There are a number of pieces of legislation which cover the disposal of farm waste. This article looks at the legal implications of disposing of common types of farm waste and the methods commonly used.
Disposal by means of incineration
Disposing of waste by means of incineration is covered by the Waste Incineration (England and Wales) Regulations 2002.
Disposal at landfill
The burying of general waste on farms is prohibited and there are limits as to what waste can be sent to waste disposal sites.
Any waste which is given to someone else for disposal by be accompanied by a “transfer note” (a written description of the waste). It is also the responsibility of the person whose waste it is to ensure that the person who is to dispose of it is authorised to take it.
Disposal of hazardous waste
There are strict controls relating to the disposal of hazardous waste.
Hazardous waste includes oil, pesticides, insecticides, herbicides, certain veterinary medicines, batteries, chemicals and containers which contained hazardous waste and have not been emptied, triple rinsed and drained.
Farms which produce more than 500 kilograms of hazardous waste per year are required to be registered as a hazardous waste producer with the Environment Agency.
Hazardous waste must be disposed of within 12 months. It can be disposed of at an authorised site (one which is licensed to receive hazardous waste) or by using authorised recovery methods.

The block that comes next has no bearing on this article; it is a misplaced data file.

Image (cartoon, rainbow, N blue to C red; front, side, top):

When taking hazardous waste to an authorised site it is necessary to check what waste is permitted at the site. When employing a waste collector to collect hazardous waste it is necessary to check that they are authorised to take away and dispose of the waste.
Subject to certain exceptions, a consignment note is required whenever hazardous waste is moved and these should be kept for 3 years. Records should also be kept for at least 3 years showing the quantity of the waste, the type of waste, where the waste came from, its destination and how often that type of waste is moved. When employing a waste collector to collect hazardous waste records should also be kept for at least 3 years of the waste collector’s certificate, the environmental and site permit for the site that receives the waste and the way in which the waste is transported.
When disposing of hazardous waste it is also necessary to comply with health and safety regulations, including the Control of Substances Hazardous to Health Regulations 2002.
For more information on:
- Disposal of fallen stock
- Disposal of plant material
- Disposal of waste plastic
- Disposal of oil
- Disposal of sewage sludge
- Disposal of waste milk